His work stands out mainly thanks to dramaturgical precision and the open leftist opinions exposed on the stage. Artistically, he claims allegiance to Bertolt Brecht’s legacy and his directorial style is inspired in distinct German theatre-makers such as Frank Castorf, René Pollesch, Christoph Marthaler, Herbert Fritsch and mainly Christoph Schlingensief. He focuses mostly on current political-critical theatre and tries to react to the current social developments.
    He is the head of the theatre ensemble Lachende Bestien, which is considered one of the most progressive theatre troupes on the Prague theatre map and which avows political and appellative theatre: with the ensemble he staged e. g. Ferdinand!, The Mission or Palace at the Loire. His original adaptation of Schwab's Pornogeography was awarded the Josef Balvín Award in 2016.
    He cooperates with Divadlo Husa na provázku, (The Gambler, 2018) and Klicperovo divadlo Hradec Králové (The Miser, 2019, Who‘s Afraid of Virginia Woolf, 2020).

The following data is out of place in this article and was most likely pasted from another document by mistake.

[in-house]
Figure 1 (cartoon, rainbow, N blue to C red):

His projects are based on current as well as classic texts, which he deconstructs and enriches with new meaning and therefore offers more potential readings to the audience. His work at the Prague City Theatres can serve as proof of this: Ibsen’s An Enemy of the People (2019), Grillparzer’s King Ottokar’s Fortune and End (2019) or his last piece The Heroes of Capitalist Labour (2020).
    He also works with Divadlo koňa a motora (Theatre of Horse and Engine), which combines the tradition of travelling theatre with a community and social overlap, while aiming at bringing peripheral areas back in touch with culture. With Olomouc based Divadlo na cucky, he created an original production Opletal, which premiered at the 2018 Flora Theatre Festival.